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Feature: 3 Watch Collection For Less Than A Rolex Submariner

A time-only, non-date Rolex Submariner in steel will cost you, today, £5,450. You don’t need me to tell you that this is a sizeable amount of money—enough to start wondering if it’s worth getting several cheaper watches instead. Is it possible to get a varied, three-watch collection of high-quality watches for the budget? Well, we’ve certainly had a go; here it is, a three-watch collection for less than the price of an entry level Submariner.

Ball Engineer Master II Diver DM1020A

As the Submariner is a dive watch, it feels right to start off with a dive watch, and something a little bit interesting as well. Granted, this watch isn’t powered by an in-house movement, and the depth rating isn’t going to break any records, but the Ball Engineer Master II Diver does have a nifty little trick up its sleeve. To understand it better, first a trip back in time.

Glowing paint has long since been a staple of the dive watch, an aid to reading the dial in the darkest depths of the sea, but before the advent of sunlight-rechargeable SuperLuminova, something a bit more extreme was used: a radioactive material called radium.

Problem was that the people who worked with the radium-laced paint found themselves suffering a gruesome fate. Despite this, it took several decades for the laws against paints using radium to change, and when they did, the radium was simply swapped out for another radioactive material, tritium.

Difference is that the radioactive decay of tritium is less penetrative than radium. As a result, tritium was used safely until well into the turn of the millennium, when Luminova and then SuperLuminova became more commonplace, sourcing energy from the sun rather than a decaying isotope.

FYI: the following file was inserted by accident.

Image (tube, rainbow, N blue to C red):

But tritium didn’t completely disappear, because although the paint is no longer allowed in its bare form, it can still be accommodated in small glass vials, like we see here on the Ball’s dial. The hands and dial markers are dressed with these tubes; the bezel, which can be turned either way using the locking secondary crown, is absolutely covered in them. Each number is made up of a mosaic of small glass cylinders, every marker on the 15-minute scale another vial of glowing radioactive material.

But what, you ask, is the point when we have SuperLuminova now? The difference is longevity. From a decent charge, SuperLuminova might last five or so hours, brightness fading to nothing over that time. Tritium however, will last for decades. That alone is reason enough for the Ball to be worth consideration—the £1,600 price tag is another.

Frederique Constant Slimline FC-306G4S6B3

Every collection needs a dress watch, and as nice as it would be to furnish this particular arrangement with something from Jaeger-LeCoultre or Patek Philippe, that wouldn’t so much break the budget as it would nuke it from orbit. Something more reasonable then: a Frederique Constant Slimline.

This isn’t the manufacturer movement version—you’ll have to pay another 50% for one of those—but for £1,800 it offers a surprisingly solid dress watch experience. For a start, being called the Slimline, it offers a reasonably slender profile at a fraction over 8mm, less than a millimetre more than Jaeger-LeCoultre’s Master Ultra Thin Date.